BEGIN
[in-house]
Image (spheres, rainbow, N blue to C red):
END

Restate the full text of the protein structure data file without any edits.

[in-house]
Image (spheres, rainbow, N blue to C red):